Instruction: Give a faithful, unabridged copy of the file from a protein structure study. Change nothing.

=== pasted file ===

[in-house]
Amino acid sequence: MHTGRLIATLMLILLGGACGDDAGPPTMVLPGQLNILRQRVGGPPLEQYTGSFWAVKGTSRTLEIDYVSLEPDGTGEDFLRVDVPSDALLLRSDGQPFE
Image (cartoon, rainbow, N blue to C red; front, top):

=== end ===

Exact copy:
[in-house]
Amino acid sequence: MHTGRLIATLMLILLGGACGDDAGPPTMVLPGQLNILRQRVGGPPLEQYTGSFWAVKGTSRTLEIDYVSLEPDGTGEDFLRVDVPSDALLLRSDGQPFE
Image (cartoon, rainbow, N blue to C red; front, top):